While learning new technology, there might come a moment where you may have trouble and wonder “why it isn’t working?” You may seek out multiple resources to get an answer as soon as possible. But, at every glitch you’ll be more technology savvy and soon get to the point where you can anticipate the kinds of problems students will have. That’s what trial and error method do, it helps you master, by learning from your mistakes.

Give your students freedom, but hold them accountable

Not every kid is used to the kind of freedom they require to do great creative work. Some will thrive in the set environment; while others will require close supervision to make sure they complete their projects.  

Ask them what they’re comfortable in; give them an opportunity to complete the project, in their own way. If in case, you have trouble in managing students, especially when teaching remotely, have your students pitch a one-paragraph description of their project and provide a production schedule; as a work contract.

Regard yourself as the executive producer

When practicing storytelling with your students, you’ve to call the shots. It’s you, who have to be the arbiter of good taste and the studio boss, decide whether an idea is production worthy. This leadership will help students perform better.

Celebrate your students' work

A small word of appreciation can be a great source of encouragement for students. So whether your students show completed projects with small mistakes or something much more professional than your expectation, celebrate their work and showcase it on your screen or praise their efforts. This will, of course encourage them, take their work serious for the next time and become a source of tremendous inspiration for their peers. 

What tools to use for Digital Storytelling?

30hands Learning

It is a user-friendly iOS app with video tutorials to help users create a video story by adding narration to images. 

Animaker Class

It is a drag-and-drop tool for students that also offer features such as group management, an in-app messenger, and task tracking.  

Book Creator

Book Creator, a mobile (iOS/Chrome) app allows putting together of stunning eBooks and digital stories with text, audio, images, and video.  


Buncee is a digital canvas that includes an educational portal where educators can track and monitor student progress, create assignments, share an "Ideas Lab," and more.  

Cloud Stop Motion

Using Cloud Stop Motion users can create stop-motion video projects from any browser or device and use for digital storytelling or project-based learning.  

Comic Life

It is a fun and easy-to-use iOS app that can be used to tell a story by creating a customized digital comic.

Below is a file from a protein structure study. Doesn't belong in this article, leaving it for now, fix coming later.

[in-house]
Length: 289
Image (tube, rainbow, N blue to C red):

On Elementari users can read, write, code, share, and remix interactive digital stories, portfolios, choose own adventures, and more using professional illustrations and sounds.  


HeadUP is go-to-app that allows students to create beautiful-looking stories in various subject areas in a fraction of seconds.  

Imagine Forest

This app offers a variety of short writing activities and a story creator that comes with built-in story starters, artwork, and more to inspire students.  

ChatterPix Kids

ChatterPix Kids is a free app that elementary school students can use to create talking pictures.  

Adobe Spark Video

Using Adobe Spark Video anyone can create their videos by creating slides that include an image, some text and record a voiceover for each slide – perfect for story-telling. 


Flipgrid’s create a whiteboard-style instructional video option allows students to easily create a video that includes instruction drawn on whiteboard background, stickers, and your face and voice.  

iMovie or WeVideo

iMovie is a free app for Macbook or iPad. While, WeVideo is browser-based, this makes it a good choice for Chromebook users and Windows users. Both services provide all of the tools that students need to create short documentary videos.  

Google’s VR Tour Creator

It offers a good way for students to create virtual reality tours by organizing a series of related locations that have Street View imagery. Users can add their own images and their own narration to tours they develop in Tour Creator.  

Metaverse Studio

Metaverse Studio is a tool for creating your own augmented reality experiences that work as “breakout games,” as digital scavenger hunts, and as guided tours. 

Storyboard That 

One of the leaders in digital storytelling with over hundreds of thousands of storyboards created and tens of thousands of teachers incorporating it into their curriculum.

About the Author
Author: Saniya Khan
Saniya Khan I am Saniya Khan, Copy-Editor at EdTechReview - India’s leading edtech media. As a part of the group, my aim is to spread awareness on the growing edtech market by guiding all educational stakeholders on latest and quality news, information and resources. A voraciously curious writer with a dedication to excellence creates interesting yet informational pieces, playing with words since 2016.